iLounge - First Looks

First Looks

Welcome to our new, continuously-updated First Looks - a collection of previews showing brand new iPod, iPhone and iPad accessories that we’re currently in the process of testing. Here’s what’s hot right now:

NRNot Rated

Company: Apple

Model: iPad Air 2

Price: $499-$829

Apple iPad Air 2

The Wi-Fi version of the new iPad Air 2 ($499-$829) officially arrived in stores today, and as expected, it has simultaneously reduced the thickness and increased the power of Apple's full-sized iconic tablet. An 18% reduction in thickness was achieved by bonding the new Air's screen directly to its now anti-reflective front glass, as well as by shrinking the battery inside -- enough to drop the run time from last year's model. Apple has updated both the front and rear cameras, the former only to increase light sensitivity and the latter to an 8-Megapixel module that's roughly comparable to the iPhone 5s in performance. Touch ID has been added to the device, along with improved 802.11ac and faster, broader LTE support (in cellular versions), though unlike the iPhone 6 and 6 Plus, there's no NFC hardware inside the Air 2. For the first time, the new tablet comes in gold with a white face, as well as silver with white and a light space gray with black. It continues be sold in Wi-Fi ($499-$699) and Wi-Fi + Cellular ($629-$829) versions, in your choice of 16GB, 64GB, or 128GB capacities. Look for our comprehensive review in the near future. With photos by Phil Dzikiy.

Apple iPad Air 2

NRNot Rated

Company: Incipio

Models: Performance Armband

Price: $30

Compatible: iPhone 6

Incipio Performance Armband for iPhone 6

Incipio has brought its Performance Armband ($30) — last seen for iPhone 5 — to iPhone 6, with a reduced price. It's the first athletic accessory we've seen made specifically for either of Apple's new iPhones. Like the last version of the armband, Performance for iPhone 6 uses water-resistant materials and includes a small slot for holding a house key. An opening at the bottom of the iPhone compartment allows access to the phone's headphone port. The armband fits snugly around the iPhone 6, leaving no room for a case. While the touchscreen will work through the plastic window, Touch ID won't. Keep in mind that due to the increased size of the iPhone 6, some users may find the latest Performance Armband more awkward to wear; this will especially be true for smaller users.

Incipio Performance Armband for iPhone 6

NRNot Rated

Company: Incipio

Website: www.Myincipio.com

Model: Incipio Stowaway Advance for iPhone 6 Plus

Based upon earlier cases for the iPhone 4 and 5, Incipio's new Stowaway Advance for iPhone 6 Plus ($35) combines a curvy, co-molded rubber and plastic case with a small rear compartment designed to hold credit cards or cash. Film is included to protect the iPhone's metal back from getting scratched, and the compartment has a kickstand in the center which can flip out to position the iPhone 6 Plus for video viewing without compromising the cards held inside. However, despite promising enough space to hold three credit cards or an ID card with two other cards, Stowaway Advance's rear compartment comfortably held only two credit cards in our early testing.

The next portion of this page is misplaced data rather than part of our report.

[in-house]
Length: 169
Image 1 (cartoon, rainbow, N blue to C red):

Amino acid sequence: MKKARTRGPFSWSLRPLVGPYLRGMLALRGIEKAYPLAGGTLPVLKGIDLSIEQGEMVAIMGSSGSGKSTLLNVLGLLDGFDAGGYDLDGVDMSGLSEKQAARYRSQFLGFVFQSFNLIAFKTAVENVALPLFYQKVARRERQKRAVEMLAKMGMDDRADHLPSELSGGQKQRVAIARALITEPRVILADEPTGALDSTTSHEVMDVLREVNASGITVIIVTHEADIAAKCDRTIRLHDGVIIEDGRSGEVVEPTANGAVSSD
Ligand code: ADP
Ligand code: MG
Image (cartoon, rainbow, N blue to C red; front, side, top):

Incipio Stowaway Advance for iPhone 6 Plus

NRNot Rated

Company: Alpine

Model: Headphones

Price: $300

Compatible: All iPods*, iPhones, iPads

Alpine Headphones

Best known for its in-car audio systems and high-end iPod/iPhone integration units, Alpine has entered the iPhone/iPod headphone market with a new pair of headphones named... Headphones ($300). The industrial design is obviously Beats-influenced, with a mostly plastic frame and glossy metallic accents atop heavily padded, diamond-shaped earcups. What's extremely unique about Headphones is the role Bluetooth plays here: rather than using the wireless standard for streaming audio, Alpine instead pairs Headphones with a free Level Play app that lets you adjust the bass, mids, and treble of the twin 40mm audio drivers, as well as analyzing your music library to play songs in intensity-based groups. While the app's grouping functionality isn't ultra-compelling from our standpoint, the ability to tune the headphones' sound output is definitely interesting, and the result of including a 24-bit DAC and amplifiers inside the headset. Alpine includes a fabric-coated three-button remote and mic cable for the audio connection, as well as a matching USB cable to charge Headphones' battery; a carrying bag was supposed to be in the package, but was MIA on our review unit. We'll have more to say in our full review soon.

Alpine Headphones

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